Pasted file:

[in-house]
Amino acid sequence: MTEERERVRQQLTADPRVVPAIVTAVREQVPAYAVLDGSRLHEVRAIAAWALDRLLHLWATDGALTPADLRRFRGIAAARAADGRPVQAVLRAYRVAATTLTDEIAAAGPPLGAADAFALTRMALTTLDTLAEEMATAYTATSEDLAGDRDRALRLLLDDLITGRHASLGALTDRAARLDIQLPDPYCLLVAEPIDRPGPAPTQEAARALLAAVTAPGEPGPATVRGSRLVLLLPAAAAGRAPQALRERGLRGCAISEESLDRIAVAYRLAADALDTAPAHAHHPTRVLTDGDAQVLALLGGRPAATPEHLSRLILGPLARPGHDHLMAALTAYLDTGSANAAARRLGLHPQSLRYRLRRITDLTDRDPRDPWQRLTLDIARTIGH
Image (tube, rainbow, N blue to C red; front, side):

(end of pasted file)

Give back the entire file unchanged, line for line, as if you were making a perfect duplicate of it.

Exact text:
[in-house]
Amino acid sequence: MTEERERVRQQLTADPRVVPAIVTAVREQVPAYAVLDGSRLHEVRAIAAWALDRLLHLWATDGALTPADLRRFRGIAAARAADGRPVQAVLRAYRVAATTLTDEIAAAGPPLGAADAFALTRMALTTLDTLAEEMATAYTATSEDLAGDRDRALRLLLDDLITGRHASLGALTDRAARLDIQLPDPYCLLVAEPIDRPGPAPTQEAARALLAAVTAPGEPGPATVRGSRLVLLLPAAAAGRAPQALRERGLRGCAISEESLDRIAVAYRLAADALDTAPAHAHHPTRVLTDGDAQVLALLGGRPAATPEHLSRLILGPLARPGHDHLMAALTAYLDTGSANAAARRLGLHPQSLRYRLRRITDLTDRDPRDPWQRLTLDIARTIGH
Image (tube, rainbow, N blue to C red; front, side):